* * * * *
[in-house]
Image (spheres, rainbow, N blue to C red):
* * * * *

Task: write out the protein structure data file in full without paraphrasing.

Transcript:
[in-house]
Image (spheres, rainbow, N blue to C red):